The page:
Home > Blog > Why Can't Planters Be Pastors? [Part 3]

May 23, 2017

Why Can't Planters Be Pastors? [Part 3]

By Derek Hanna

If you missed them, you can view Part 1 and Part 2. Today we’re picking up with five practical tips for planters.

First, get the mission.

This is a no-brainer, but if there’s no clarity about the mission of the church, then the rest is going to be about as much use as a knitted light bulb. If we’re not convinced that the church is on a mission to be matured in Christ and to call others into that fellowship, no matter what role we play in the church, we’re starting from the wrong spot.
And the person who needs to be on the frontlines in the Christian community is the pastoral-counselor-and-trouble-shooter-in-chief, the pastor.

If planters are going to do pastoral leadership well, they need to have such clarity about their mission that no matter whether they’re paid or not, have authority or not, it’s this truth that shapes how they see and interpret what’s happening around them and informs how and where they expend their time and energy.

Second, acknowledge your role.

For me, and while I often fell short in so many ways, I wanted to ask myself the question: what is it going to look like for me to mature and mobilize God’s people for mission? That’s what I felt my role was in the body. And I tried to let it inform everything I did: How will I spend my days? What will my diary reflect? What are my priorities now? What will need to change when the church grows to its next stage? Who will I meet with and who won’t I meet with?

These aren’t easy questions, but for those who are planting, and particularly for churches that are growing, they are questions that need to be asked and examined regularly as different seasons and challenges are encountered within the church. If our definition of the role does not cope with growth, then we are the inhibitor to growth. We need to get clarity on our role.

Third, communicate that role.

It’s not good enough for us to understand our role. We need to take those we lead along that journey as well. Everyone in the church comes with their own baggage as to what the leader should be doing. So until we understand our role as planters/pastors, we’re not going to be able to help them think through that role, and we’ll either be crushed under the weight of their expectations or their disappointment. Or we’ll just shut up shop and enjoy the atmosphere of stagnation.

We want to communicate our role. Not to prop-up our own importance, but to further the church’s mission. And this is particularly important for leaders as churches transition through growth barriers and the “relational distance” of the pastor becomes greater to those who had access to them before and the community experiences the changing dynamics of growth.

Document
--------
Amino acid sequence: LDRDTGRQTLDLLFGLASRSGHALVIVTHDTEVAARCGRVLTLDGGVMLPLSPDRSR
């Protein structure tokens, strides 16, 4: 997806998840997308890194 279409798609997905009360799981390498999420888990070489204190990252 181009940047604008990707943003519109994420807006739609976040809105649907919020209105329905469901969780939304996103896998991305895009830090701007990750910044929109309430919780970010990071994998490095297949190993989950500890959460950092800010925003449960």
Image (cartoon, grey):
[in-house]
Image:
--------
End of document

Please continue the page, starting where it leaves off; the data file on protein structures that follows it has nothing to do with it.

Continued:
We need to learn to love seeing ministry happen more than we love doing the things that we might love in ministry. And we need to help others see that while we love one-to-one Bible reading and pastoral visits, if we are to pursue the mission of the church, our role is (amongst other things) to mobilize others to do these things. It’s not good enough for us to understand our role. We must paint that picture for those we lead in light of the mission we pursue.

Fourth, understand that our role will change in different seasons and that’s ok.

One of the clear implications is that we need to grapple with the truth that our role will look different at different stages of growth and require different skills and focuses in different seasons of planting and re-planting.

And if we have a more robust view of our role in pastoral leadership, then we will more easily adapt and transition between these stages. We will equally see the networking and gathering of a launch team, the imparting of vision and equipping for mission in the launch phase, the structural and administrative aspects of working through the 80-100 barrier, and the vision-casting and leadership development required of moving toward a multi-site church–all as equal expressions of our role as shepherd, elder, and overseer. One role is not less than another, but each an expression of the same biblical role to see God’s people matured and mobilized toward mission.

Fifth, always bring it back to the Word.

I finish with this point because we’re going to make mistakes. We’re not CEOs and we’re not running a business, even while there are aspects of pastoral leadership that look similar. We are led and shaped by God’s Word. And at every stage, at every place in our leadership, at every barrier, roadblock, or setback that we might encounter, what we want to come back to is God’s Word.

When we start meetings, when we ask for direction, when we speak of vision and mission, when we mourn at loss, when we admit mistakes, and in all of the situations a planter and pastor will find themselves, it is God’s Word that we want to begin and end with.


Derek Hanna

Derek grew up and became a Christian in Sydney, Australia. After studying Computer Science and working in London, he decided to do something he was completely unqualified for, but desperately passionate about, and started working for the Church Missionary Society helping churches talk to youth & children about what God was doing throughout the world and how they could be involved. While doing this, he studied theology at Sydney Missionary & Bible College and then headed up to Brisbane, Australia to work in pastoral ministry. Nine years ago he planted Village Church in Brisbane City, and this year started working with Geneva Push, an Australian church planting network, as the Director of Training. He's been married to Jacqueline for 18 years, they've got three boys who bring them joy and worry in equal measure, and they're all part of Christ Community Church in Brisbane, Australia.


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